The SVR gets an upgraded supercharged 5.0-litre V8 making 568 hp at 6500 rpm and 700 Nm of torque at 3500-5000 rpm, mated to a retuned 8-speed automatic and heard via a titanium exhaust system that can be unleashed at the push of a button to make the most illegally-loud roar you’ll ever hear in a street car.
With the help of all-wheel-drive, we managed a 0-100 kph time of 3.8 seconds with no wheelspin, in cool February weather. That’s ridiculously quick, even as it weighs in at 1665 kg, heavier than most of its rivals. The irony is that our overall fuel consumption over several days was only 13.7 litres/100 km, with an auto start-stop system in play at traffic signals.
The SVR isn’t just fast in a straight line though. Featuring new dampers and anti-roll bars, grippy 265/35 front and 305/30 tyres wrapping the lightweight 20-inch wheels and optional carbon-ceramic brakes, 6-piston in front and 4-piston rear, this car is built for hard driving in any condition.
The all-wheel-drive is rear-biased, sending power to the front wheels only when needed to keep the chassis composed. It’s rear-wheel-drive predecessor, the F-Type R, was wild and unwieldy when it came to putting the power down on public streets, so the extra traction is welcome.
The handling is very tight, with very mild understeer at the limit when you jump into a tight corner, but there’s still tons of grip, and the car turns in tighter once you back off the throttle a bit. Quick directional transitions are handled instantly with a little swing of the tail, yet the car is less twitchy than the older rear-wheel-drive models, and stays composed even when hopping over expansion joints around a curve. Overall, it’s more fun to drive than the new Nissan GT-R, believe it or not.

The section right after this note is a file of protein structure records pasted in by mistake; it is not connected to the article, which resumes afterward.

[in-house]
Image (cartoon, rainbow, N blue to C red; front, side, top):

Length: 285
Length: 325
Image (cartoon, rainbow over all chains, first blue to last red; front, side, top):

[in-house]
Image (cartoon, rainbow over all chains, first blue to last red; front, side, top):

It’s a joy flicking through the gears using the responsive aluminium paddle-shifters and hearing the exhaust pop and bang. The steering is nicely weighted, and offers better feedback than in lesser F-Types, but it’s still less than ideal. The brakes are a bit grabby at low speeds, but very strong when hauling the car down from high speeds, with no squeals that are usually typical of ceramic brakes.
On the daily drive around town, the F-Type is easy to manage, with a slightly jittery ride, but still reasonably comfortable. Decent sound-deadening means road and wind noises are minimal, so ambient noise is mostly the engine, even when the active exhaust is set to be quieter. The active spoiler changes angle a bit at the press of a button, but it cannot be retracted, so rear visibility is limited and the camera is necessary for parking. The steering is not heavy at all when it comes to manoeuvring into a parking space.
The F-Type SVR is quite an achievement for a car that almost appears to be thrown together as an afterthought. Sure, it’s not going to win a drag race against a Nissan GT-R or a Porsche 911 Turbo, but it is surprisingly more fun to drive than either of them. An Audi R8 would give the Jag a run for its money in terms of entertainment, but the German is nowhere near as practical as this Indo-Brit. Now if it were as unique as those bespoke sports cars instead of being based on a cheaper base model, it could’ve legitimately bumped off the similar Mercedes-AMG GT for prestige.